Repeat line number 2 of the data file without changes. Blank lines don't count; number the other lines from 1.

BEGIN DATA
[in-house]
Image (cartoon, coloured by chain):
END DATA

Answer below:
Image (cartoon, coloured by chain):